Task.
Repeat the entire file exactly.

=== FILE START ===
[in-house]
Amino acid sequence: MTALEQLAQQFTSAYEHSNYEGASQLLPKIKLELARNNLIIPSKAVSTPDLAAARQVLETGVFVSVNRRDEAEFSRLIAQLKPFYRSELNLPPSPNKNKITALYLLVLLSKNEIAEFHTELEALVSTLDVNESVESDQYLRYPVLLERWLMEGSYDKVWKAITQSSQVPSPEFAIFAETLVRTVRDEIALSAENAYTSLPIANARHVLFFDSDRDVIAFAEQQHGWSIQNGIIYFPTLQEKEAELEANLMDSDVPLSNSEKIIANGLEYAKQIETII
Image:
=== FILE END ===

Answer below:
[in-house]
Amino acid sequence: MTALEQLAQQFTSAYEHSNYEGASQLLPKIKLELARNNLIIPSKAVSTPDLAAARQVLETGVFVSVNRRDEAEFSRLIAQLKPFYRSELNLPPSPNKNKITALYLLVLLSKNEIAEFHTELEALVSTLDVNESVESDQYLRYPVLLERWLMEGSYDKVWKAITQSSQVPSPEFAIFAETLVRTVRDEIALSAENAYTSLPIANARHVLFFDSDRDVIAFAEQQHGWSIQNGIIYFPTLQEKEAELEANLMDSDVPLSNSEKIIANGLEYAKQIETII
Image: